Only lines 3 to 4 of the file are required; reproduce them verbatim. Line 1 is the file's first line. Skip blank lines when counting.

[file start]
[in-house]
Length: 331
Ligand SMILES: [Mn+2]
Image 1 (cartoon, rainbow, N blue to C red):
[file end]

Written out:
Ligand SMILES: [Mn+2]
Image 1 (cartoon, rainbow, N blue to C red):